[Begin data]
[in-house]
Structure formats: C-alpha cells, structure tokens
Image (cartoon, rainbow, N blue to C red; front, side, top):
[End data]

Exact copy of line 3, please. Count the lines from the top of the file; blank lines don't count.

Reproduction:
Image (cartoon, rainbow, N blue to C red; front, side, top):